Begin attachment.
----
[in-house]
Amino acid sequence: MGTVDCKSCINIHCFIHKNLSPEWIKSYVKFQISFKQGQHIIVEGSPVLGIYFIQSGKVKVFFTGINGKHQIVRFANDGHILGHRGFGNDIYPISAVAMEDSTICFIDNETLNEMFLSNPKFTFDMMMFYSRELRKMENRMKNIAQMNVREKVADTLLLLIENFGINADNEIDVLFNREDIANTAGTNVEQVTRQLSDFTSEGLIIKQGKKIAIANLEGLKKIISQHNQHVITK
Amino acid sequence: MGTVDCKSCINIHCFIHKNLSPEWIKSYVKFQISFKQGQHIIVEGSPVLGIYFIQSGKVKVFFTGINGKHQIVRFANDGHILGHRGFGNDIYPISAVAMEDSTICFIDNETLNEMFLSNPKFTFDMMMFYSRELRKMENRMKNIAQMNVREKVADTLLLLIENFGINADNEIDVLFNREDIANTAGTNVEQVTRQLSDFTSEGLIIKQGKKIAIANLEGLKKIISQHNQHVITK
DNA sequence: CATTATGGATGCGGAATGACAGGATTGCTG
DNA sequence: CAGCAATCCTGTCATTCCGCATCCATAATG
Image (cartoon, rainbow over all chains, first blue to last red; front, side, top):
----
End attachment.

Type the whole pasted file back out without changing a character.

[in-house]
Amino acid sequence: MGTVDCKSCINIHCFIHKNLSPEWIKSYVKFQISFKQGQHIIVEGSPVLGIYFIQSGKVKVFFTGINGKHQIVRFANDGHILGHRGFGNDIYPISAVAMEDSTICFIDNETLNEMFLSNPKFTFDMMMFYSRELRKMENRMKNIAQMNVREKVADTLLLLIENFGINADNEIDVLFNREDIANTAGTNVEQVTRQLSDFTSEGLIIKQGKKIAIANLEGLKKIISQHNQHVITK
Amino acid sequence: MGTVDCKSCINIHCFIHKNLSPEWIKSYVKFQISFKQGQHIIVEGSPVLGIYFIQSGKVKVFFTGINGKHQIVRFANDGHILGHRGFGNDIYPISAVAMEDSTICFIDNETLNEMFLSNPKFTFDMMMFYSRELRKMENRMKNIAQMNVREKVADTLLLLIENFGINADNEIDVLFNREDIANTAGTNVEQVTRQLSDFTSEGLIIKQGKKIAIANLEGLKKIISQHNQHVITK
DNA sequence: CATTATGGATGCGGAATGACAGGATTGCTG
DNA sequence: CAGCAATCCTGTCATTCCGCATCCATAATG
Image (cartoon, rainbow over all chains, first blue to last red; front, side, top):